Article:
There is only one Georgia signatory on a letter from 55 school leaders across the nation beseeching Congressional leaders to preserve a path to citizenship for young immigrants who came to the United States as children.
Alisha T. Morgan, executive director of Ivy Preparatory Academies, signed the letter written on behalf of students with Deferred Action for Childhood Arrivals status. Ivy Prep operates two charter schools in metro Atlanta. Elected in 2002 to the Georgia House at age 23, Morgan became the first African-American to represent Cobb County in the state House of Representatives. She served six terms.
There is another familiar name on the list, former Fulton Superintendent Robert Avossa, who now leads the Palm Beach, Fla., schools.
The White House announced last month it would stop protecting the 800,000 young immigrants under DACA from possible deportation unless Congress acts on immigration reform. DACA was put into force by an executive action by President Barack Obama in 2012. President Donald Trump rescinded it last month.
These young people — 24,99 of whom live in Georgia — are called Dreamers, and the bill that would enable them to remain in America by turning DACA into federal law is known as the DREAM — Development, Relief, and Education for Alien Minors — Act.
Under DACA, they’ve been allowed to work and attend school if specific conditions were met: They came to the U.S. before age 16 and lived here since June 15, 2007. DACA recipients can obtain a driver’s license, enroll in college, hold jobs and serve in the military.
Here is the letter sent to House and Senate leaders by the school leaders:
As superintendents and chief executives of America’s public school systems — state education agencies, K-12 school districts and public charter school networks — and alumni and current fellows of the Broad Center’s education leadership programs, we come together today to urge you to take swift action to provide comprehensive, permanent stability for young people with Deferred Action for Childhood Arrivals status.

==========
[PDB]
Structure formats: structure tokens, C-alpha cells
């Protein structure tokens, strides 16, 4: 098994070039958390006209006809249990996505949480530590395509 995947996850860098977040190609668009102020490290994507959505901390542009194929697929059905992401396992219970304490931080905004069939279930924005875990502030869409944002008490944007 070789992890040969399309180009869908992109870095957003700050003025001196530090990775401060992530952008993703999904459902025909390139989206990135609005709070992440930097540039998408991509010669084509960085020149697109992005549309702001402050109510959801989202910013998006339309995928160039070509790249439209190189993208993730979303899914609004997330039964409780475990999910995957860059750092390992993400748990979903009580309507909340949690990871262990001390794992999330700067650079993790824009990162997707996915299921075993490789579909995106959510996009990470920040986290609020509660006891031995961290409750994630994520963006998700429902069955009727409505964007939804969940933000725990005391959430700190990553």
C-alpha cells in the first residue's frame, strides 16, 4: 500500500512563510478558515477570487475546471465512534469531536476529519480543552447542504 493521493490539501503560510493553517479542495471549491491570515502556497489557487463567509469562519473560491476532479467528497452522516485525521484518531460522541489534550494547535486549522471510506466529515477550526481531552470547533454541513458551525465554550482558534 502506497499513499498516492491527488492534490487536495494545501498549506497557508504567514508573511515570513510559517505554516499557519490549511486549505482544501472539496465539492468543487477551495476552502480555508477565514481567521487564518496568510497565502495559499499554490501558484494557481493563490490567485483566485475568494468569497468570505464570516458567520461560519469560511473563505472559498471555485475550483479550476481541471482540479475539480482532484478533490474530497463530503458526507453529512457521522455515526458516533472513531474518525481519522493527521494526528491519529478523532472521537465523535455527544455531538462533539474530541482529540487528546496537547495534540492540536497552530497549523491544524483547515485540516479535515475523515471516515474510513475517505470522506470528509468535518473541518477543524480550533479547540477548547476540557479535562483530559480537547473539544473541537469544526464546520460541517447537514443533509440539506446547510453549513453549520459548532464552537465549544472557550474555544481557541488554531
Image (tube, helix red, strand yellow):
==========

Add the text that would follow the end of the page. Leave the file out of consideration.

Every year, about 65,000 undocumented young people graduate from our nation’s high schools, according to the American Immigration Council. We know many of them, and their families, personally. For most of them, life in the United States is all they know. Indeed, they are as American as our other students in every way, shape and form except on paper.
These young people worked hard, did what was expected of them and stayed out of trouble. But even the highest achievers among them often face significant hurdles to leading productive lives simply because their parents brought them here, beyond their control and outside the legal immigration process.
For the past five years, hundreds of thousands of immigrant youth have counted on DACA to provide them with the security to pursue a brighter future and build good, productive lives for themselves and their families. In fact, while only about two-thirds of America’s college students stay in school and complete their degrees, the CATO Institute — one of the nation’s most conservative think tanks — reports that college persistence among DACA students is about 95 percent. 2
Even for those not on the college track, DACA allows them to participate more fully in the workforce, leading to higher earnings — which translate to higher tax revenue and economic growth. Business ownership among DACA recipients over the age of 25 is more than twice as high as the national average, and one quarter of them own their own homes. A recent report also estimates that DACA beneficiaries will contribute $460.3 billion to the U.S. economy over the next 10 years as well as $24 billion in Social Security and Medicare tax contributions.
As educators, we know our efforts are most effective when we listen to those most affected by our work: students, families and their communities. In immigration, as in education, we urge you to listen to the youth affected by the administration’s decision to end DACA and their families, communities, teachers and employers.
We also urge you to listen to the American people at large. Across party lines, three out of four registered voters in the United States support DACA. We are encouraged that some members of Congress are already working to find a solution on DACA. But we need more forward progress. Congress must find a permanent, meaningful, bipartisan solution as swiftly as possible to help these young people and, indeed, our entire nation.
Thank you for your consideration of our views. We welcome the opportunity to serve as a resource to you as you continue efforts to strengthen federal law.